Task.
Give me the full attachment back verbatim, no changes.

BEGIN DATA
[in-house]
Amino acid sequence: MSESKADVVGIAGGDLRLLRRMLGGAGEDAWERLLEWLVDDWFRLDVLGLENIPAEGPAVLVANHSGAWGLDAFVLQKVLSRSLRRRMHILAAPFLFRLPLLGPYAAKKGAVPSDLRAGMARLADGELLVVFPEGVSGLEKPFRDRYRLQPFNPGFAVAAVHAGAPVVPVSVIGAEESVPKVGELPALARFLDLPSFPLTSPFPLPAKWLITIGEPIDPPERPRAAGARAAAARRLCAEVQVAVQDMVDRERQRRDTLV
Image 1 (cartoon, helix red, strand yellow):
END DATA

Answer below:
[in-house]
Amino acid sequence: MSESKADVVGIAGGDLRLLRRMLGGAGEDAWERLLEWLVDDWFRLDVLGLENIPAEGPAVLVANHSGAWGLDAFVLQKVLSRSLRRRMHILAAPFLFRLPLLGPYAAKKGAVPSDLRAGMARLADGELLVVFPEGVSGLEKPFRDRYRLQPFNPGFAVAAVHAGAPVVPVSVIGAEESVPKVGELPALARFLDLPSFPLTSPFPLPAKWLITIGEPIDPPERPRAAGARAAAARRLCAEVQVAVQDMVDRERQRRDTLV
Image 1 (cartoon, helix red, strand yellow):